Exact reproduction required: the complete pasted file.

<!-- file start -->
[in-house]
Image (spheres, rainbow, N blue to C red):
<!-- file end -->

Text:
[in-house]
Image (spheres, rainbow, N blue to C red):